One of the greatest benefits of technology (especially for parents) is the rise in opportunities for working at home. It’s more convenient and often less stressful, and while you may not have considered this – there are many remote work environment benefits.
While employees and many employers tend to support remote work — with benefits including saved money, increased productivity, flexibility for working parents, and reduced employee turnover — they don’t often discuss the positive impact it can have on the environment.
Remote work, also called telecommuting, is on the rise. According to FlexJobs, the number of remote workers since 2005 has increased by more than 120 percent. And since 2020, more companies are adopting hybrid and remote work models for the long-term.
A Gallup survey found that 8 in 10 people are working hybrid or remote. That’s more than 165 million people cutting out their daily commute and lessening their impact on transportation infrastructure.
Remote Work Benefits for the Environment
Remote work may do more for the planet than we expected. Here are some of the most impactful positive environmental benefits of remote work.
Reduced Greenhouse Gas Emissions
The biggest and most obvious advantage to telecommuting is not having an actual commute to work. For many, this mostly means big savings on time and money, but employees will also greatly reduce their carbon footprints.
Global Workforce Analytics estimates that remote workers could reduce greenhouse gas emissions by 54 million tons every year, and that’s just if people worked out of the office for only half of the work week.
During 2020 with millions of people not commuting to work, NASA observed reduced air pollution and improved water quality worldwide.
It is estimated that when 3.9 million employees work from home at least half the time, they reduce greenhouse gas emissions by the equivalent of taking more than 600,000 cars off the road for an entire year. Over time, the miles and greenhouse gas emissions add up.
Decreased Consumption of Fossil Fuels
The US Energy Information Administration found that the country consumed 391.40 million gallons of gasoline daily in 2017. Employees who work remotely have the chance to reduce that number, especially if they live in a remote area or have a long distance to travel.
Decreasing our fossil fuel usage is a key factor in keeping the environment safer and improving the climate situation.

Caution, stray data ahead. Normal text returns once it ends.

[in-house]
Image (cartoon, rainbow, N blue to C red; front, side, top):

Employees can save money on gas, oil, and wear-and-tear on their vehicles — a necessity, considering that the financial experts at Fiscal Tiger claim millennials are expected to pay more than $8.8 trillion in climate change costs over the course of their lifetime (source).
Fewer Office Resources Used
Fewer employees in the office means using fewer resources, which is one of the most effective ways to combat climate change.
With more employees telecommuting, employers can cut down on everything from printer paper to the size of the office and the energy it uses. Even a Work from Anywhere Week can make a huge difference in utility and supply use!
Less Impact on Infrastructure
Transportation infrastructure in the US is in desperate need of a major overhaul. Many of the nation’s highways operate at capacity due to lack of road repairs and expansions.
Not only does working remotely reduce the amount of traffic at peak commute times, it lessens the amount and intensity of damage done to transportation infrastructure.
Neutral or Negative Consequences
Though there are many environmental benefits of working from home, it’s important to consider any neutralizing or negative consequences.
Though home offices may not use as many resources, employees may need to obtain extra equipment at home. People in offices usually share tools like printers and copiers. For home based work, each employee might need to purchase and power these devices, leading to higher energy uses and more eventual e-waste.
Being conscious of these environmental factors can help employees and employers alike make choices about the workplace that benefit them, their organization, and the planet.